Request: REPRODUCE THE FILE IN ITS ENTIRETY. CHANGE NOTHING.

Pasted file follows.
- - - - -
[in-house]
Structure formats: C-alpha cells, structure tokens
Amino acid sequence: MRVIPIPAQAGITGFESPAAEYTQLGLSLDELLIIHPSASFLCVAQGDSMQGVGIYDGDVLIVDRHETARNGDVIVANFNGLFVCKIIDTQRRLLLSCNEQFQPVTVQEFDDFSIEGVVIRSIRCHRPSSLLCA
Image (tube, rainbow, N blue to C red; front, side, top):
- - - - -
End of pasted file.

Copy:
[in-house]
Structure formats: C-alpha cells, structure tokens
Amino acid sequence: MRVIPIPAQAGITGFESPAAEYTQLGLSLDELLIIHPSASFLCVAQGDSMQGVGIYDGDVLIVDRHETARNGDVIVANFNGLFVCKIIDTQRRLLLSCNEQFQPVTVQEFDDFSIEGVVIRSIRCHRPSSLLCA
Image (tube, rainbow, N blue to C red; front, side, top):